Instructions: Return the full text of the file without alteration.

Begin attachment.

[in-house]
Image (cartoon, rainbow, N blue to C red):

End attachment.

[in-house]
Image (cartoon, rainbow, N blue to C red):